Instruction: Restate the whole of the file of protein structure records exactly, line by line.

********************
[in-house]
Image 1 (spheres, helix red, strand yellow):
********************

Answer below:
[in-house]
Image 1 (spheres, helix red, strand yellow):